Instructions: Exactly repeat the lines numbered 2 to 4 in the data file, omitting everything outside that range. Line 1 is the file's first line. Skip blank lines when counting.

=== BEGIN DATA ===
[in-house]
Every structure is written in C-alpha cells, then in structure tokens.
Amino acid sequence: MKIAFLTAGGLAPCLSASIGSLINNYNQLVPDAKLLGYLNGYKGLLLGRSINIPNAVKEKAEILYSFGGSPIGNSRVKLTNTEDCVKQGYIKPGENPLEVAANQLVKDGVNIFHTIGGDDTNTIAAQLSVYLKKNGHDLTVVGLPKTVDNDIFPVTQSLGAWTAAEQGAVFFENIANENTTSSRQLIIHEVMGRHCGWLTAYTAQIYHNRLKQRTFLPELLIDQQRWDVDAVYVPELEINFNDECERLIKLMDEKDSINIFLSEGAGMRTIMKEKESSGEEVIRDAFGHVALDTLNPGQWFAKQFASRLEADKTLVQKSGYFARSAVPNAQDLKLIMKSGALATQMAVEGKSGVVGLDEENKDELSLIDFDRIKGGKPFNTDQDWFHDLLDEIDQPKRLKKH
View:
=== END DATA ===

Every structure is written in C-alpha cells, then in structure tokens.
Amino acid sequence: MKIAFLTAGGLAPCLSASIGSLINNYNQLVPDAKLLGYLNGYKGLLLGRSINIPNAVKEKAEILYSFGGSPIGNSRVKLTNTEDCVKQGYIKPGENPLEVAANQLVKDGVNIFHTIGGDDTNTIAAQLSVYLKKNGHDLTVVGLPKTVDNDIFPVTQSLGAWTAAEQGAVFFENIANENTTSSRQLIIHEVMGRHCGWLTAYTAQIYHNRLKQRTFLPELLIDQQRWDVDAVYVPELEINFNDECERLIKLMDEKDSINIFLSEGAGMRTIMKEKESSGEEVIRDAFGHVALDTLNPGQWFAKQFASRLEADKTLVQKSGYFARSAVPNAQDLKLIMKSGALATQMAVEGKSGVVGLDEENKDELSLIDFDRIKGGKPFNTDQDWFHDLLDEIDQPKRLKKH
View: